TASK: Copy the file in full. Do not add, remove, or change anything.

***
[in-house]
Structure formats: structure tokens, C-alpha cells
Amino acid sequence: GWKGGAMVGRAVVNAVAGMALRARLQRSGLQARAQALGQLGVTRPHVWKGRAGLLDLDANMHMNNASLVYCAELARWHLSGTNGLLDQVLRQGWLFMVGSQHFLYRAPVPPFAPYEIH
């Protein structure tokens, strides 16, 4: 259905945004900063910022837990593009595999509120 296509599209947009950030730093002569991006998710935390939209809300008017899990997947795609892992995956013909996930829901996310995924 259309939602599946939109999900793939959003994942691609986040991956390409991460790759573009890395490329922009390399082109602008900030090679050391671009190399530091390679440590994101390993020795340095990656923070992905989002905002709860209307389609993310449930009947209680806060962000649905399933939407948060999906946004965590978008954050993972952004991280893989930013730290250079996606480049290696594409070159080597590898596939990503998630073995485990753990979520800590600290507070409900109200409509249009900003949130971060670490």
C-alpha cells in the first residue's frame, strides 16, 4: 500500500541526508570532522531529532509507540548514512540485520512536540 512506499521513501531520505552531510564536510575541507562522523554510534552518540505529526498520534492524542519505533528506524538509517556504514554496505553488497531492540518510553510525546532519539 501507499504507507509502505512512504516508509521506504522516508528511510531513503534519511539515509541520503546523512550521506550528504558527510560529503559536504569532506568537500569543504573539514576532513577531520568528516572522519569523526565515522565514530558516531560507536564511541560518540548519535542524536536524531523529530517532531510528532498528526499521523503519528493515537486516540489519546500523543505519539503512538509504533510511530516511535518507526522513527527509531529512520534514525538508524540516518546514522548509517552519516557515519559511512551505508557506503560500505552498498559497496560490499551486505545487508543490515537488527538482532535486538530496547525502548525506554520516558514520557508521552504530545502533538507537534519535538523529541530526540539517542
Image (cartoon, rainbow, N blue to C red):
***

[in-house]
Structure formats: structure tokens, C-alpha cells
Amino acid sequence: GWKGGAMVGRAVVNAVAGMALRARLQRSGLQARAQALGQLGVTRPHVWKGRAGLLDLDANMHMNNASLVYCAELARWHLSGTNGLLDQVLRQGWLFMVGSQHFLYRAPVPPFAPYEIH
């Protein structure tokens, strides 16, 4: 259905945004900063910022837990593009595999509120 296509599209947009950030730093002569991006998710935390939209809300008017899990997947795609892992995956013909996930829901996310995924 259309939602599946939109999900793939959003994942691609986040991956390409991460790759573009890395490329922009390399082109602008900030090679050391671009190399530091390679440590994101390993020795340095990656923070992905989002905002709860209307389609993310449930009947209680806060962000649905399933939407948060999906946004965590978008954050993972952004991280893989930013730290250079996606480049290696594409070159080597590898596939990503998630073995485990753990979520800590600290507070409900109200409509249009900003949130971060670490």
C-alpha cells in the first residue's frame, strides 16, 4: 500500500541526508570532522531529532509507540548514512540485520512536540 512506499521513501531520505552531510564536510575541507562522523554510534552518540505529526498520534492524542519505533528506524538509517556504514554496505553488497531492540518510553510525546532519539 501507499504507507509502505512512504516508509521506504522516508528511510531513503534519511539515509541520503546523512550521506550528504558527510560529503559536504569532506568537500569543504573539514576532513577531520568528516572522519569523526565515522565514530558516531560507536564511541560518540548519535542524536536524531523529530517532531510528532498528526499521523503519528493515537486516540489519546500523543505519539503512538509504533510511530516511535518507526522513527527509531529512520534514525538508524540516518546514522548509517552519516557515519559511512551505508557506503560500505552498498559497496560490499551486505545487508543490515537488527538482532535486538530496547525502548525506554520516558514520557508521552504530545502533538507537534519535538523529541530526540539517542
Image (cartoon, rainbow, N blue to C red):